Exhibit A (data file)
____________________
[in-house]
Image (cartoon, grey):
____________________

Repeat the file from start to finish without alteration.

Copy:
[in-house]
Image (cartoon, grey):